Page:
Wind-up radio inventor Trevor Baylis dies

Trevor Baylis (file) who invented the wind-up radio for people in the Third World has died aged 80.
Trevor Baylis (file) who invented the wind-up radio for people in the Third World has died aged 80.

The inventor of the wind-up radio, Trevor Baylis, has died aged 80.

He is believed to have died of natural causes in his home in Twickenham, southwest London, on Monday morning.

David Bunting, who runs his company Trevor Baylis Brands, said he had been ill for a long time and has no living relatives.

Baylis, who was awarded a CBE for services to intellectual property in 2015, had been seriously debilitated, having suffered from Crohn's disease, he added.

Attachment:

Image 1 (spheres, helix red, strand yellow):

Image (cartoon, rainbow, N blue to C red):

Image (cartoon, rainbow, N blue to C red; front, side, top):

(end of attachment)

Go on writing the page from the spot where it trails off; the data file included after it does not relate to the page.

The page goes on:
Scotland Yard said his death is not being treated as suspicious and a file will be prepared for the coroner.

Baylis developed the wind-up radio in 1992 for people in the Third World who do not have access to electricity or batteries.

He was well known for championing the rights of inventors and was often outspoken about intellectual property rights.

The inventor was awarded an OBE in 1997 for his radio design.

Australian Associated Press